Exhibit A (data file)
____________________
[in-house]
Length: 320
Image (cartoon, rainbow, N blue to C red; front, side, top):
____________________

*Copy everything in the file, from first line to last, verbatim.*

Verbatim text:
[in-house]
Length: 320
Image (cartoon, rainbow, N blue to C red; front, side, top):